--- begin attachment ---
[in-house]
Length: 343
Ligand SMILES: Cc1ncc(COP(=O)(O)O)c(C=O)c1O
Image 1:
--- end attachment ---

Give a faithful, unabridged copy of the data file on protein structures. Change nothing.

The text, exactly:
[in-house]
Length: 343
Ligand SMILES: Cc1ncc(COP(=O)(O)O)c(C=O)c1O
Image 1: